Starting A Howl in Zion

It was the first stop on our five national park road trip. We had just left from Vegas, which really isn’t our style but we thought we must see it at least once, and were arriving in Zion national park after crossing over the Arizona/Utah border. Excited to be in the first of the mighty five, we chatted about what we thought the park might look like. I said how when I picture Utah, I think of red, towering, piling rocks. Just as I said it, we saw red mountains and hills appear and it just so happened that was the Utah border, in all its red glory. There was an immediate shift, of color and of energy. I lightened up from the night before where I felt berated by the energy of mob like crowds and my body began to twitch in anticipation of the adventures that awaited us.
We could imagine all we wanted but our minds could not conjure just how grand the Zion canyons would be. Beasts of red and speckled green from all the trees that thrived even amid the desert ecosystem. One of the first things we learned is that the Paiute Indians called Zion, “Straight up Land” and we laughed because it couldn’t be more accurate. There’s a shuttle system that takes you on a narrow road through and you could barely crane your neck enough to see the tops of the mountains on either side. These shuttles were crowded with people just as excited as us. Their smiles shone bright. There’s an unspoken connection between nature explorers. You’re here for the same thing, to explore beauty, connect to the world and yourself, and love life.

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Zion was more crowded with these cheery smiles than we expected. At points Disneyland like lines that waited to take you through the shuttle system since cars weren’t allowed, which I think is a great idea to minimize emissions. The energy was so pleasant we didn’t mind the crowds so much and we were able to get away from the crowds to the best of our ability, sleeping in the expansive public lands that seem to cover all of Utah, hiking Hidden Canyon, and going higher and higher and higher.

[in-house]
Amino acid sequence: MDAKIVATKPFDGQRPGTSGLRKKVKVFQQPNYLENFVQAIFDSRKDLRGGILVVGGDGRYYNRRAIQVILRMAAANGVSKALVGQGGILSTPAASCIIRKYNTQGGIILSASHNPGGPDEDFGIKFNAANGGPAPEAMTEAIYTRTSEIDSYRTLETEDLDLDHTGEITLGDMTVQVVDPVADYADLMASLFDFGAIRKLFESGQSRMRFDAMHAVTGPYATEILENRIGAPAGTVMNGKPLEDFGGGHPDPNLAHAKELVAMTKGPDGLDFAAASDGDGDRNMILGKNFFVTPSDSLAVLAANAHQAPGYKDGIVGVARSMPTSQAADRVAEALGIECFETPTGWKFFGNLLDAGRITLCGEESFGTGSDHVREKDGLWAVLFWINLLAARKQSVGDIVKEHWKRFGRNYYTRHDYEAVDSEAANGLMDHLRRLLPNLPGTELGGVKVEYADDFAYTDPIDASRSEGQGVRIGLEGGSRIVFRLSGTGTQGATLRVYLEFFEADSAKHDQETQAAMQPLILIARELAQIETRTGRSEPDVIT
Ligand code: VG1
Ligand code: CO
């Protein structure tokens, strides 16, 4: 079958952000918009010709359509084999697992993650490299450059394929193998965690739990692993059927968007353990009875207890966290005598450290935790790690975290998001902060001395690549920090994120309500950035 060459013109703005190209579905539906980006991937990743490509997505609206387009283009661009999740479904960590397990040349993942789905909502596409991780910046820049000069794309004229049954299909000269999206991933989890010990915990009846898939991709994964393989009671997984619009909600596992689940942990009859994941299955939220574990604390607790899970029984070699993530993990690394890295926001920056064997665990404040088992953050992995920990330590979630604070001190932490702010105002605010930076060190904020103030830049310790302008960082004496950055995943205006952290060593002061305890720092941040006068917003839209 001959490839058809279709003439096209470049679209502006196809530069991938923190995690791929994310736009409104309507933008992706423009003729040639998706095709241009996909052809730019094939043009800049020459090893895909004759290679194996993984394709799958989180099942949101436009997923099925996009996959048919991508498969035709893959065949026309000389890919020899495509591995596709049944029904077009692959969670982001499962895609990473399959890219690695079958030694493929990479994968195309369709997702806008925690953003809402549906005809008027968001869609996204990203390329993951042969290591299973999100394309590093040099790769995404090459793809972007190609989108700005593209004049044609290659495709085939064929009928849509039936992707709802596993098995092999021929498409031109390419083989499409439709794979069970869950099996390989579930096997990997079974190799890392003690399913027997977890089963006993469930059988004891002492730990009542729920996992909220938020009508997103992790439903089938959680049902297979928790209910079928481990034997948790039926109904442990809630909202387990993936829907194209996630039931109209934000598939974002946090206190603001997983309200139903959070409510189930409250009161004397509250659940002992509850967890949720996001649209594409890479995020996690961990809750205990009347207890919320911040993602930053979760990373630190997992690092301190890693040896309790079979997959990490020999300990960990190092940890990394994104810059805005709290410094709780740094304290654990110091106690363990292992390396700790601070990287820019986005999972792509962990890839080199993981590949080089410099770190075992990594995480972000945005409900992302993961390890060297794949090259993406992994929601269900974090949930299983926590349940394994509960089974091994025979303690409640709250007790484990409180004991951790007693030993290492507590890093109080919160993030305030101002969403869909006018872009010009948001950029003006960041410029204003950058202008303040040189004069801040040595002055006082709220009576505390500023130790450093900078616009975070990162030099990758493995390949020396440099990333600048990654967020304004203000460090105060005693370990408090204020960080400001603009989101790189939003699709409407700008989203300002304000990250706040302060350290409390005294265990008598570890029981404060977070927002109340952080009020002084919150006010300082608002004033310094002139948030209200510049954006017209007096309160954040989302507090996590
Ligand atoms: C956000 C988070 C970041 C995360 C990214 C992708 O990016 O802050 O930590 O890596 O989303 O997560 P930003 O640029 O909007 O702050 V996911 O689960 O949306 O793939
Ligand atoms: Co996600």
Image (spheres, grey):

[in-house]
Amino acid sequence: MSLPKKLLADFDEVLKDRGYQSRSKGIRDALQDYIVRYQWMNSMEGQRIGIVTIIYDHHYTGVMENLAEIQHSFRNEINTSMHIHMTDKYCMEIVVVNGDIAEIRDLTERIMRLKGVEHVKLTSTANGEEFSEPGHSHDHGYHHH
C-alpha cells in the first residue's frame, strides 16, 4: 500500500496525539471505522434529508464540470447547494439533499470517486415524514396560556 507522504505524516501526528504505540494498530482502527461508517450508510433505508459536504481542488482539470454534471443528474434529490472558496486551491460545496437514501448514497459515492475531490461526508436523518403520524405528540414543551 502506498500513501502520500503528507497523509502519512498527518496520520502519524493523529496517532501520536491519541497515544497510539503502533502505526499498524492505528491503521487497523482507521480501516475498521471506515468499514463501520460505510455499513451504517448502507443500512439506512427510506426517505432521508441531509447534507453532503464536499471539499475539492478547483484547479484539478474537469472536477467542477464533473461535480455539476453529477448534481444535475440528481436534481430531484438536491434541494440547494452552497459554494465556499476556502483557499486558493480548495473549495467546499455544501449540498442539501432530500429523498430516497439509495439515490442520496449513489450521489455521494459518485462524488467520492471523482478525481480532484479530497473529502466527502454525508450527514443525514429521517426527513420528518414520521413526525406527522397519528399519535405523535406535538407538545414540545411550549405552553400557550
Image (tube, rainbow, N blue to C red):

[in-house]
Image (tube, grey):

We decided that our one big hike in Zion would be Observation Point, it’s a little less popular than Angel’s Landing but it’s longer and sees the entire canyon from a bird’s eye view. An 8 mile hike, the first 4 miles were all on a complete incline. We were in awe of all the different types of geography we saw within those four miles. From switchbacking up cliff sides, to walking through water filled canyons and geologically formed arches, to open mountain valleys and finally shale, narrow trails that when combined with wind seemed almost too risky.

As we climbed higher, the people started to lessen, the rocks were treacherous and the wind howled in our ear. It was terrifying and exhilarating to hear what we couldn’t imagine other than wind gods blowing over the sheer cliff we were hiking along. We hugged the mountainside, walked single file and watched every step we took because even though it was a well traveled trail, one wrong step would be one big mistake. Sometimes the dust drilled into our eyes and at one point it coursed so loudly and strongly I heard my boyfriend from behind me yell “Dori, get down.” For a split second, I felt like I was on an active battlefield. When we got to the top, none of this mattered and in fact it made it all more worth it. As it often seems that the things that scare us most, give us the greatest sense of accomplishment, fulfillment and gratitude.

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Now my boyfriend loves to create echoes. Before I knew him, I never met somebody who liked to yell ‘yeehoos’ or yip and holler as much as he did so he could hear the earth call back and feel how grand of a place we were in. Everywhere we go, he gives his all in one moment and calls out to the earth. And I’ve never heard it call back as loudly as in Zion, as the high cliffs and canyons bounced back his yells so many times. But the more amazing part was how immediately and how many calls from other people he received back. The seemingly quiet hikes in the sacredness of nature turned in one instant to a call and response cacophony of a collective and connected group of exploring strangers. It was like he gave these people permission, a reminder that it’s okay, it’s fun, it’s perfect to yell all you’re feeling about this place into the air! To let go.

So Zion is somewhere you must see. To feel the grandness and to overcome the fears that reap the rewards and the views on the other side of your comfort zone. To feel the ground and the riskiness/worthiness of climbing so high. Trusting yourself to do so. And when you go, don’t forget to yell your echoes. Don’t forget to let go and tell the world what you’re feeling. You don’t even have to say a single word. And I think you might find the earth will yell back and everyone else will agree.

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